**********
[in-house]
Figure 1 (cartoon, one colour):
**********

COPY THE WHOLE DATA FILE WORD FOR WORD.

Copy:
[in-house]
Figure 1 (cartoon, one colour):